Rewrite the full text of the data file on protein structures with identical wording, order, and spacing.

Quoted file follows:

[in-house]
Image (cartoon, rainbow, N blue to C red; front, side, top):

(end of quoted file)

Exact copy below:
[in-house]
Image (cartoon, rainbow, N blue to C red; front, side, top):